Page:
Work permit abuse leads totighter foreign labour laws

23rd December 2005, Comments 0 comments

23 December 2005, BRUSSELS — The Belgian government is expected to decide on Friday to sharpen restrictions on labour immigration.

23 December 2005

BRUSSELS — The Belgian government is expected to decide on Friday to sharpen restrictions on labour immigration.

All foreign workers who move to Belgium will be obligated in future to register with the regional labour market authority.

The decision comes amid revelations large ICT firms frequently abuse the work permit system to import cheap labour from India with a tourist visa (Cap Gemini) or employ skilled expats to do simple tasks (Hewlett Packard).

The social inspectorate has launched an investigation into the actions of both companies, newspaper 'De Morgen' reported on Friday.

The obligation for expat workers to register will also be extended to foreigners who start a traineeship or undergo studies in Belgium. The regulation might also apply to business professionals who only visit Belgium for a few days.

Currently, the latter group does not need to register with a government authority, but can enter the country on a tourist or business visa.
 
Besides compulsory registration, the legal necessity to apply for a work permit will remain in force the employers of most foreign workers. That obligation will only be lifted for a small number of researchers and skilled expats.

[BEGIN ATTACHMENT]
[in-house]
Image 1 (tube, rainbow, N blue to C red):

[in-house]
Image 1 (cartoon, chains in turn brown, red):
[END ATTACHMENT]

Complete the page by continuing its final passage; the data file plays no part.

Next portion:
"We want to ease the employment of academics and 'knowledge workers' and at the same time sharpen controls," Employment Minister Peter Vanvelthoven said.

Workers employed in a university or company to perform research and earn a minimum wage of EUR 42,000 per year will no longer need a work permit in future.

However, this is based on the condition that while working in Belgium they earn the same wage as Belgian colleagues and that their salary is attuned to the work they perform.

The work permit exemption will only apply to a specific task and for a period of two years. It must be only linked to one company.
 
However, Vanvelthoven admitted that companies might still try in future to avoid the need to apply for a work permit for staff by employing knowledge workers as normal staff.

[Copyright Expatica News 2005]

Subject: Belgian news

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